Who Are You Calling a Software Pirate?
I, too, was happy to see that the good guys won in Sunday's conflict in the Indian Ocean.
That's not my opinion as a technology journalist, but as an American. But since then, one aspect of this story has intrigued the tech-journalist part of me: When we have such a graphic example of what real pirates do, is it appropriate to apply the same noun to people who use commercial software without paying for it?
The NYT's always-interesting Freakonomics blog raised that question yesterday. Stephen J. Dubner wrote that "as real-life pirate attacks have gained in intensity, violence, and geopolitical meaning, talking about digital thieves as pirates has come to seem clever to a fault, and inaccurate too."
The Business Software Alliance, a trade group devoted to stopping people from using commercial software without paying for it first, does not agree. Also yesterday, the CNet tech-news site reported that a BSA publicist sent an e-mail explicitly comparing thugs hijacking supertankers to software thieves: "Piracy takes many forms, some more violent than others."
(Writer Gordon Haff called that e-mail "one of the most tone-deaf and cynically opportunistic PR pitches I've seen for quite some time.")
I believe that people should pay for the commercial software they use. If you can't or don't want to, there are plenty of open-source alternatives you can use honestly; see these three sites for help with that.
But I don't support the BSA's vocabulary, just as I don't appreciate other attempts to equate duplicating a file on the Internet with the taking of physical property by force. When I once heard a copyright lobbyist on a radio interview describe music and movie file-sharing as "economic terrorism," I felt like grabbing him by the lapels and explaining -- at great volume and with numerous expletives -- that I'd seen that cloud of dark gray smoke rising from the Pentagon on 9/11 and knew damn well what terrorism looked like, so he'd better not use that word unless he really meant it.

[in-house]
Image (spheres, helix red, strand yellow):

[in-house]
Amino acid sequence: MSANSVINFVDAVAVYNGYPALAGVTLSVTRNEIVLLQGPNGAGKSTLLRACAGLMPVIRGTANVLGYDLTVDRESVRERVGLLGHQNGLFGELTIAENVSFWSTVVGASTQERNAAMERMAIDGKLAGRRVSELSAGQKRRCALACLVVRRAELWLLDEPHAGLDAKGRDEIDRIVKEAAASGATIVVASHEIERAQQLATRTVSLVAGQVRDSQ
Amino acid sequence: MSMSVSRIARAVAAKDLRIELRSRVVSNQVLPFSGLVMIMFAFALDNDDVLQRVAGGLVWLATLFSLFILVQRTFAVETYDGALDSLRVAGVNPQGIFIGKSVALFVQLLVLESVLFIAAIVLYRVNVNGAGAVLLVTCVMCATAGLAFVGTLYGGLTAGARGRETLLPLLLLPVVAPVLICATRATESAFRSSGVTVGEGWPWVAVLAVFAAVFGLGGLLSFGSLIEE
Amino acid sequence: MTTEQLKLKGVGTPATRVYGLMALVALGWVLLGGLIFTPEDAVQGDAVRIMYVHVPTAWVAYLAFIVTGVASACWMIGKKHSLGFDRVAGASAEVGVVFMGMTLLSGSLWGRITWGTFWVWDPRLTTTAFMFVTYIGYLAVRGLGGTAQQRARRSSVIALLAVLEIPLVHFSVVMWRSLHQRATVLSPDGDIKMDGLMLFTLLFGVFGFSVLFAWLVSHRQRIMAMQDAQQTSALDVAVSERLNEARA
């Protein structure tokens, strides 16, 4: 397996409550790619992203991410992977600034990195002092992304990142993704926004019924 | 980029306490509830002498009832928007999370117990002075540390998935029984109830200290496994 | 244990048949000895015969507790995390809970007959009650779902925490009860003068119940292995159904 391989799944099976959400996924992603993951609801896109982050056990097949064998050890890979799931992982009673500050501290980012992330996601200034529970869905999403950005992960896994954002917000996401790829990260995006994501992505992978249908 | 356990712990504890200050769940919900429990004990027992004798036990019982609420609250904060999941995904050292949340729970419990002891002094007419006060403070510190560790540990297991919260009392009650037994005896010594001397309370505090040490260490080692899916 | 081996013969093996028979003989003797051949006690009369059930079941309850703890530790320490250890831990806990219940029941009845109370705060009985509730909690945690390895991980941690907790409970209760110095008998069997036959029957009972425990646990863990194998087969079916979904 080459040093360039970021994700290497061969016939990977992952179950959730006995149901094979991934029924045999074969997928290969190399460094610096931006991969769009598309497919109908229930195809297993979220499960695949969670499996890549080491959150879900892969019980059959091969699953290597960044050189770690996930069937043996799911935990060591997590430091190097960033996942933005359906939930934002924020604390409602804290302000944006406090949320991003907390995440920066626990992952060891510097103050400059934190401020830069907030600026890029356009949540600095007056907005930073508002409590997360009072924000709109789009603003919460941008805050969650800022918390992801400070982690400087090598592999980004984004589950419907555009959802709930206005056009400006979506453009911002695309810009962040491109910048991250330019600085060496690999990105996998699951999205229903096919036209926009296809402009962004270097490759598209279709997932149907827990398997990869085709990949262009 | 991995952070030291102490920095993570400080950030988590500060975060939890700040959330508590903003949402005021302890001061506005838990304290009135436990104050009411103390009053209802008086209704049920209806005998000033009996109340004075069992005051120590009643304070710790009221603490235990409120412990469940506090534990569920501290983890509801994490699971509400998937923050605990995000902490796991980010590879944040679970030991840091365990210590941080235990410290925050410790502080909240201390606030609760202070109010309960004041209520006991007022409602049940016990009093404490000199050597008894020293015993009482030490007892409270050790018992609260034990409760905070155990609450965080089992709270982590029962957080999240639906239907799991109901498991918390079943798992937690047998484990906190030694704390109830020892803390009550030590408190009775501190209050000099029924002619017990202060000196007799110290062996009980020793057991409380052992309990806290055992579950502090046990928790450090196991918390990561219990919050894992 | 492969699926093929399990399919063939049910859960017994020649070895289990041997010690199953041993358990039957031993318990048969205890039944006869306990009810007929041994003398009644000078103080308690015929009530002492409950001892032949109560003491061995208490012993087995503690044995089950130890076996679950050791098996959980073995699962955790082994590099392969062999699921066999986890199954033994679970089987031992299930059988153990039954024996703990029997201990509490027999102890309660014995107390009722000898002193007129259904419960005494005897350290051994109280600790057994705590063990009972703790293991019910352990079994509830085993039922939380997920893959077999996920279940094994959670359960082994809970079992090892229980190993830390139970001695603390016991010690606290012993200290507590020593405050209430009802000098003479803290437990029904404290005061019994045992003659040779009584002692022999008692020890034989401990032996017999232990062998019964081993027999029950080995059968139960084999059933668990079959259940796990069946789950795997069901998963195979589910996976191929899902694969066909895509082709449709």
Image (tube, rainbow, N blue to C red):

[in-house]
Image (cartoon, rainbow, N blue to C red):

(Note that I also hate many of the other euphemisms of Big Copyright, like "copy protection" -- more accurately called "copy prevention," "usage restriction" or "copy controls.")
But if we're not going to call people who don't pay for their copy of Microsoft Office "pirates," what word should we use to describe their activity and place in its proper moral context?
Blogger John Gruber suggests the term "bootlegging," but I'm not sure about that noun either. To me (a one-time concert reviewer for the Post), it evokes homemade recordings from concerts, an activity that demands individual initiative and, when done right, creativity. Installing a copy of a program on two computers doesn't require much of those qualities.
"Software theft" itself suffers the problem that theft, by definition, involves the victims losing the stolen property:
the act of stealing ; specifically : the felonious taking and removing of personal property with intent to deprive the rightful owner of it
That doesn't happen with digital media, where somebody installing a not-paid-for copy of Office doesn't stop your copy, mine or Steve Ballmer's from working. Rather, the key concept here is that somebody has short-circuited a normal business transaction through deceit or trickery. And for that, the most apt definition appears to be "fraud":
deceit, trickery ; specifically : intentional perversion of truth in order to induce another to part with something of value or to surrender a legal right b: an act of deceiving or misrepresenting
Does "software fraud" work for you? What terms would you use instead? The comments are yours...
April 14, 2009; 2:08 PM ET
Categories: The business we have chosen
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